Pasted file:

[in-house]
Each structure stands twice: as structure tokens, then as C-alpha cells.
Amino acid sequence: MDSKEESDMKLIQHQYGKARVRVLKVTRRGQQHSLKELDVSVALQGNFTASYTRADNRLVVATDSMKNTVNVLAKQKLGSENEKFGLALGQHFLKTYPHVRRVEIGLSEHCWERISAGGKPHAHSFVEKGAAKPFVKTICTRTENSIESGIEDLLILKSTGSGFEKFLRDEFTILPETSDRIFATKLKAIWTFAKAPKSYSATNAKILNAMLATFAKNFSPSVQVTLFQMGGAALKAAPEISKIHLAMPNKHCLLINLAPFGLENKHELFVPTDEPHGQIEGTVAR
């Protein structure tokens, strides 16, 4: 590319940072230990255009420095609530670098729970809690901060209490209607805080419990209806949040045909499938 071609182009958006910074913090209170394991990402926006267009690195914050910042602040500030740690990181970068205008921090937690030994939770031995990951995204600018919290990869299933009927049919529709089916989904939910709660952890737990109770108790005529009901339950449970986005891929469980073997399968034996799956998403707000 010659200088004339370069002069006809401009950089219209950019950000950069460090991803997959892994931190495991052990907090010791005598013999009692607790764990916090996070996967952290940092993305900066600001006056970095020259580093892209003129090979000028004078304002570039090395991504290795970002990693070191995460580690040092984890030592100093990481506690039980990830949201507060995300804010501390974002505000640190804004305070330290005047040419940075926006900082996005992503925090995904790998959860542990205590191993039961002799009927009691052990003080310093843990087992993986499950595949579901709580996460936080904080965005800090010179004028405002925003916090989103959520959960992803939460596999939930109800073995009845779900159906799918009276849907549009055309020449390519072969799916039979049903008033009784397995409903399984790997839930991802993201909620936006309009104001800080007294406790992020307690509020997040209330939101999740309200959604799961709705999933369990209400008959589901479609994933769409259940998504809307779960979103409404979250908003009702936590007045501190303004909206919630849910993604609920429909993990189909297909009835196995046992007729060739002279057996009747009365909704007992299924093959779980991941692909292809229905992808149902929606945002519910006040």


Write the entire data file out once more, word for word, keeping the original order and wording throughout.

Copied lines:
[in-house]
Each structure stands twice: as structure tokens, then as C-alpha cells.
Amino acid sequence: MDSKEESDMKLIQHQYGKARVRVLKVTRRGQQHSLKELDVSVALQGNFTASYTRADNRLVVATDSMKNTVNVLAKQKLGSENEKFGLALGQHFLKTYPHVRRVEIGLSEHCWERISAGGKPHAHSFVEKGAAKPFVKTICTRTENSIESGIEDLLILKSTGSGFEKFLRDEFTILPETSDRIFATKLKAIWTFAKAPKSYSATNAKILNAMLATFAKNFSPSVQVTLFQMGGAALKAAPEISKIHLAMPNKHCLLINLAPFGLENKHELFVPTDEPHGQIEGTVAR
């Protein structure tokens, strides 16, 4: 590319940072230990255009420095609530670098729970809690901060209490209607805080419990209806949040045909499938 071609182009958006910074913090209170394991990402926006267009690195914050910042602040500030740690990181970068205008921090937690030994939770031995990951995204600018919290990869299933009927049919529709089916989904939910709660952890737990109770108790005529009901339950449970986005891929469980073997399968034996799956998403707000 010659200088004339370069002069006809401009950089219209950019950000950069460090991803997959892994931190495991052990907090010791005598013999009692607790764990916090996070996967952290940092993305900066600001006056970095020259580093892209003129090979000028004078304002570039090395991504290795970002990693070191995460580690040092984890030592100093990481506690039980990830949201507060995300804010501390974002505000640190804004305070330290005047040419940075926006900082996005992503925090995904790998959860542990205590191993039961002799009927009691052990003080310093843990087992993986499950595949579901709580996460936080904080965005800090010179004028405002925003916090989103959520959960992803939460596999939930109800073995009845779900159906799918009276849907549009055309020449390519072969799916039979049903008033009784397995409903399984790997839930991802993201909620936006309009104001800080007294406790992020307690509020997040209330939101999740309200959604799961709705999933369990209400008959589901479609994933769409259940998504809307779960979103409404979250908003009702936590007045501190303004909206919630849910993604609920429909993990189909297909009835196995046992007729060739002279057996009747009365909704007992299924093959779980991941692909292809229905992808149902929606945002519910006040």